Other empirical growth studies of workers' remittances such as Iqbal and Sattar and Kandil and Mirzaie found that workers' remittances have a positive impact on economic growth. Iqbal and Sattar used time series data from 1972-73 to 2002-03 for Pakistan and found that workers' remittances had a positive effect on real GDP growth. They argued that because remittances are used by recipients to supplement domestic consumption and investment, they should directly or indirectly contribute to economic growth. (17) Kandil and Mirzaie used 1975-2003 time series data for a sample of nine MENA countries and found that remittances contributed to output growth of Jordan only. The growth in GDP was coupled with an increase in consumption, investment, exports, and imports. (18)
The empirical model in this study analyzes the impact of workers' remittances on real GDP growth using 1976-2007 time series data for each of the following ten ECOWAS countries: Benin, Burkina Faso, Cote D'Ivoire, Gambia, Ghana, Mali, Niger, Nigeria, Senegal, and Togo. Data on workers' remittances are from the World Bank and include only remittances that migrants send home via formal channels. (19) However, since migrants not only send money home via formal channels but also via informal channels, data collected by the World Bank on remittances might underestimate the true size of remittances. Nevertheless, we believe that the amount of remittances sent through informal channels is very small and should not affect the results of this study.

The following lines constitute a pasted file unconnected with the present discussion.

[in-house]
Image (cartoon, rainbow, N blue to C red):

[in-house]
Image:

The time period of this study could be divided into two periods, pre and post September 11, 2001. However, when examining the series on remittances, we did not observe any significant change in workers' remittances flows to these countries after September 11, 2001. In addition, there are no historical events of higher importance such as civil wars that could impact the flow of remittances to these ECOWAS countries during the time period of this study. Indeed, except for Cote D'Ivoire which experienced periodic political turmoil that started after the death of President Felix Houphouet-Boigny in 1993...